End-of-Sale Models of Catalyst 6500

EoL & EoS Announcement for the Cisco Catalyst 4500 Supervisor Engine 6L-E

How to Move Cisco’s Catalyst 6500 to the Nexus 9000?

 

More you can read this page: http://blog.router-switch.com/category/news/

Read more

A Layer-3 Switch or A Router?

December 19 2014 , Written by Cisco & Cisco Router, Network Switch Published on #Cisco Switches - Cisco Firewall

Do you think that it’s not easy to select the very suitable network hardware for setting up your network, layer-3 switch or a router? What factors do you need to consider when you decide to buy network hardware? Generally, to choose a layer-3 switch or a router is not so complicated. Someone listed more differences between layer-3 switch and a router, which can help you make a smart decision. Let’s take a look.

In fact, a Layer 3 switch works much like a router. Why? Because it has the same IP routing table for lookups and it forms a broadcast domain. But pay attention, the “layer 3” feature makes the switch looks more like a “switch”.

The “switch” part of “Layer 3 switch” is there because:

  1. The layer 3 switch has 24+ Ethernet ports and no WAN interfaces.
  2. The layer 3 switch will act like a switch when it is connecting devices that are on the same network.
  3. The layer 3 switch is the same as a switch with the router’s IP routing intelligence built in.
  4. The switch works very quickly to switch or route the packets it is sent.

What-is-the-difference-between-a-Layer-3-switch-and-a-Route.jpg

Layer 3 Switch is really like a High-Speed Router without the WAN connectivity. When it comes to Layer 3 Switching, there are two kinds: hardware and software. With a hardware-based solution, the device is using an ASIC (A Dedicated Chip) to perform the function. With the software implementation, the device is using a computer processor and software to perform the function. Generally, Layer 3 Switches and High-End Routers route packets using Hardware (Asics) and General-Purpose Routers Use Software to Perform Routing Functions.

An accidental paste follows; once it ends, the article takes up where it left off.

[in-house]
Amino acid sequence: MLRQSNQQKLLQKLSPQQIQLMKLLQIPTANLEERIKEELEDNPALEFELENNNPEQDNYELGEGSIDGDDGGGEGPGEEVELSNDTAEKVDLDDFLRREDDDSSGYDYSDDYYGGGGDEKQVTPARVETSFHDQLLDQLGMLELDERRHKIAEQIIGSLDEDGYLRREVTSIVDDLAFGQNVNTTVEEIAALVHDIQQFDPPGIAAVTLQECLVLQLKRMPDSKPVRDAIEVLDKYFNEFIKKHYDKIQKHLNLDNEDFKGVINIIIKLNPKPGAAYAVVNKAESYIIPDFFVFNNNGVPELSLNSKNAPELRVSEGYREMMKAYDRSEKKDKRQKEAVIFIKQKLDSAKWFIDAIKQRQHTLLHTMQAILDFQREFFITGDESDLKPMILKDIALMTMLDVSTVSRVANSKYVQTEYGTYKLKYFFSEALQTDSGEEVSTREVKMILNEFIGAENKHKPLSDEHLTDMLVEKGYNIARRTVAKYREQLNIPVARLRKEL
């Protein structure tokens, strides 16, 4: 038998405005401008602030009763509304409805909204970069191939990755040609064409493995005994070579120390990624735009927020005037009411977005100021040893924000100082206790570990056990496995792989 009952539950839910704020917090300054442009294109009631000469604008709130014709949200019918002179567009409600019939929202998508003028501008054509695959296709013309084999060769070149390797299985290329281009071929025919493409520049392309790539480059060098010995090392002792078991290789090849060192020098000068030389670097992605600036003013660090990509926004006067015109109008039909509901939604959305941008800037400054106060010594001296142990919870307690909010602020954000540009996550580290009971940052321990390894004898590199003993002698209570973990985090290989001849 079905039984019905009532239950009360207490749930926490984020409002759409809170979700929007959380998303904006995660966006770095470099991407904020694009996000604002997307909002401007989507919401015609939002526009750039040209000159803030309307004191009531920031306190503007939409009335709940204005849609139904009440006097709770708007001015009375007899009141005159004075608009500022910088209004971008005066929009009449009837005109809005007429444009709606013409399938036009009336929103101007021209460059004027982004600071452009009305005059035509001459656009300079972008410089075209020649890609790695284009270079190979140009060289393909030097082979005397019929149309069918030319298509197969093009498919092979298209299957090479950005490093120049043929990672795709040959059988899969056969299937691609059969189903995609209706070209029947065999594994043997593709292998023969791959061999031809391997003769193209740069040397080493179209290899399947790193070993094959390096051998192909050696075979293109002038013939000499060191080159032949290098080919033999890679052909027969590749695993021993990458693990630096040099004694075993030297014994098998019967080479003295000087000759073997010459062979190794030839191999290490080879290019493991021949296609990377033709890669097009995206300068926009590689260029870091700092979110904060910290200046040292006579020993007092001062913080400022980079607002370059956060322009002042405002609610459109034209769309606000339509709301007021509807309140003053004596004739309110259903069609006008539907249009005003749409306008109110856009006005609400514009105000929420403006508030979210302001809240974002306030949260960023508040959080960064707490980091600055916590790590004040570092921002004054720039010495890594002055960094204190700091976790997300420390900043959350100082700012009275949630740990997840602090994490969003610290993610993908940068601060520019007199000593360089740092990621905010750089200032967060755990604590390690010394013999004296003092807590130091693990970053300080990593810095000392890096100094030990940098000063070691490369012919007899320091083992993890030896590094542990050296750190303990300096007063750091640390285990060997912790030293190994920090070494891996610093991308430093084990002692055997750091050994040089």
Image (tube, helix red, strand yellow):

In General, A Layer-3 Switch (Routing Switch) Is Primarily A Switch (A Layer-2 Device) That Has Been Enhanced Or Taught Some Routing (Layer 3) Capabilities. A Router Is A Layer-3 Device That Simply Do Routing Only. In The Case Of A Switching Router, It Is Primarily A Router That Uses Switching Technology (High-Speed Asics) For Speed And Performance (As Well As Also Supporting Layer-2 Bridging Functions).

Why we need a Layer 3 switch:

  •  Network with a lot of broadcasts that needs better performance.
  • Subnets and/or VLANS that are currently connected Via a router.
  • Higher Performance VLANS.
  • Departments Need Their Own Broadcast Domains For Performance Or Security.
  • Considering Implementing VLANS.

 

Difference between a Layer-3 switch and a Router:

  •  Performance versus Cost— Layer 3 switches are much more cost effective than routers for delivering high-speed inter-VLAN routing. High performance routers are typically much more expensive than Layer 3 switches.
  • Port density— Layer 3 switches are enhanced Layer 2 switches and, hence, have the same high port densities that Layer 2 switches have. Routers on the other hand typically have a much lower port density.
  • Flexibility— Layer 3 switches allow you to mix and match Layer 2 and Layer 3 switching, meaning you can configure a Layer 3 switch to operate as a normal Layer 2 switch, or enable Layer 3 switching as required.
  • Layer 3 Switch is used to route traffic between Ethernet networks, without having to worry about the complexities of supporting WAN technologies such as Frame Relay or ATM. Routing over WAN networks, simply by plugging a traditional router that connects to the WAN networks into the LAN network.
  • The key difference between Layer 3 switches and routers lies in the hardware technology used to build the unit. The hardware inside a Layer 3 switch merges that of traditional switches and routers, replacing some of a router’s software logic with hardware to offer better performance in some situations.

If we sum up the main features of a layer-3 switch, we can get some key points as follows:

Layer 3 Switch is used Primarily for Inter-VLAN Routing. It don’t Have WAN Connectivity. It Has 24+ Ethernet Ports And No WAN Interfaces. The Layer 3 Switch will act like a switch when it is connecting devices that are on the same network. It works very quickly to switch or route the packets it is sent. The Layer-3 switch is the same as a switch with the router’s IP Routing Intelligence built in.

 

More Related Network Hardware Topics

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To Read about the Cisco Nexus 5548P Switch

December 12 2014 , Written by Cisco & Cisco Router, Network Switch Published on #Cisco Switches - Cisco Firewall

Cisco Nexus 5548P Switch, the first platform in the Cisco Nexus 5500 Switches, is a one-rack-unit (1RU), 1 and 10 Gigabit Ethernet and FCoE access-layer switch built to provide 960 Gbps of throughput with very low latency. It has 32 fixed 1 and 10 Gigabit Ethernet ports that accept modules and cables meeting the Small Form-Factor Pluggable Plus (SFP+) form factor. One expansion module slot can be configured to support up to 16 additional 1 and 10 Gigabit Ethernet ports or 8 Fibre Channel ports plus 8 1 and 10 Gigabit Ethernet ports. The switch has a single serial console port and a single out-of-band 10/100/1000-Mbps Ethernet management port. Two N+N redundant, hot-pluggable power supplies and two N+N redundant, hot-pluggable fan modules provide highly reliable front-to-back cooling.

Cisco Nexus 5548P-